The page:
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Senior moment



Published: Tue, August 26, 2014 @ 12:05 a.m.

Marlowe qualifies again

photo

Youngstown’s Dick Marlowe aims for the green during Monday’s USGA Senior Amateur Qualifier at Tippecanoe Country Club in Canfield. Marlowe won to qualify for next’s month’s U.S. Senior Amateur tournament in California.

By Greg Gulas

sports@vindy.com

CANFIELD

Youngstown’s Dick Marlowe is no stranger to the U.S. Senior Amateur Championship, having previously qualified in 2008, 2011 and 2012.

After shooting a one-under par-71 to capture Monday’s qualifying event at Tippecanoe Country Club, he called his fourth opportunity one of the most gratifying and special since it happened on his home course.

“It’s always special when you qualify, no matter where you do it, so when it happens right at home, then it becomes even more special,” Marlowe said. “This is what I have worked for the entire year, so I feel excited, relieved, gratified and rewarded all at once.

“There’s 10 times more pressure on you when you play at home, simply because of the expectations,” Marlowe said. “That’s why it’s so gratifying for me to qualify this year.”

Marlowe shot a 37 on the front nine and then followed with a 34 on the back nine to outdistance 39 others in the field.

Also qualifying were Randy Reifers of Columbus and James Harless of Aurora. Each shot 73.

The two alternates will be Jim Durr of Silver Lake and Tom Baugh of Akron, who carded rounds of 74.

This year’s championship will be held Sept. 13-18 at Big Canyon Country Club in Newport Beach, Calif.

Last year’s three top qualifiers — Rick Areddy, Jr. of Aurora (75), Steven Poseler of Gibsonburg (79) and Albert Baumann of Fremont(83) — failed to qualify.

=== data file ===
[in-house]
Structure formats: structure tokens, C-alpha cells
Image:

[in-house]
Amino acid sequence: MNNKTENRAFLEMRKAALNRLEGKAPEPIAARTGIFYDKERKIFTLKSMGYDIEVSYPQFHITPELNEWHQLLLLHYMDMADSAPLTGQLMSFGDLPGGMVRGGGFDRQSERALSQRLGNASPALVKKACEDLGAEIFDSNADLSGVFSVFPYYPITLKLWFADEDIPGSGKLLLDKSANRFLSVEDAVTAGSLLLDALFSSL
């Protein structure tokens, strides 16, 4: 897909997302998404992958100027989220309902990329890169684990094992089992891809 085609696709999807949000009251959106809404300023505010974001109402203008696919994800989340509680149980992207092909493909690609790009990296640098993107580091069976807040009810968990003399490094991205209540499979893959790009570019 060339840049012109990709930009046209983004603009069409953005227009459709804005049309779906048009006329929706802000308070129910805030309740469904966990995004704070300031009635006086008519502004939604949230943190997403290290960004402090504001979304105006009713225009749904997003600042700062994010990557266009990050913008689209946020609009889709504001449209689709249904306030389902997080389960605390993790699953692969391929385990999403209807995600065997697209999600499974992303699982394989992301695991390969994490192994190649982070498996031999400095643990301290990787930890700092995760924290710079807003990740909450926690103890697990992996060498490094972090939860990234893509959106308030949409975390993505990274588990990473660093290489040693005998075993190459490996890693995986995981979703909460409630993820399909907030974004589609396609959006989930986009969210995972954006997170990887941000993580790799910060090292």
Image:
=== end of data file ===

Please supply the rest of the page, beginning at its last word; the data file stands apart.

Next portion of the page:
Marlowe started out with an eagle on 10 and then added two more birdies to complete his round. His 34 on the back nine tied Niles’ Jack Pico for the day’s best nine-hole mark.

“I had some chances on the front nine and missed a few putts, but when you start the back nine with an eagle that will always help your confidence,” Marlowe said. “My goal on the back was to shoot three or four each hole and just finish strong,” Marlowe said. “Youngstown is all about winning national championships, even going back to my touchfootball days.

“I’ve never played golf in California so the chance to win a national title there is truly an amazing feeling.”

Marlowe’s best U.S. Senior Amateur Championship finish came in 2011 when he advanced to the round of 16 during play at Kinloch Golf Course in Manakin-Sabot, Va.

Pico registered two birdies and seven pars on his back nine.

“Dick is one the area’s great athletes, is an exceptional golfer and will do well next month at the championship,” Pico said. “When you shoot 41 on the front nine and miss four, four-foot putts then you know it’s going to be a tough day.”

Reifers shot 36-37 to qualify for his sixth Senior Amateur Championship while Harless shot 38-35 and is hoping to improve on his 2010 finish when he placed 96th at Lake Nona, Fla.

“I’ve played Tippecanoe a half dozen times or so,” Harless said. “On this course, putting is more important than any other part of your game.

“I had five birdies, including three on the back nine so that really helped me overall.”

Reifers qualified in 2003, 2005-07 and 2010. He said he was pleased with his play but was more excited yesterday when his son, Kyle, became the last player to earn his tour card on the Web.com Tour.

“I cannot tell you how emotional I was when Kyle earned his card yesterday as it was just a great feeling for the entire family,” Reifers said.

“I felt as though I played well, made a few mistakes but was able to recover and that was the key,” Reifers said.

Durr, who missed the cut by two strokes the last two years, called the course one of his favorites.

“This is the perfect course for this type of event,” Durr said. “It’s very tough, very challenging yet very fair.

Baugh played Tippecanoe for the first time last week during his practice round.

“We had perfect conditions today but you had to work in order to understand the greens,” Baugh said. “There’s a lot of undulation to them and were visually very difficult; fair, but difficult.”


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